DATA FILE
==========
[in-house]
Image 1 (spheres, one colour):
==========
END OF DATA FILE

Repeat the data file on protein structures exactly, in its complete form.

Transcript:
[in-house]
Image 1 (spheres, one colour):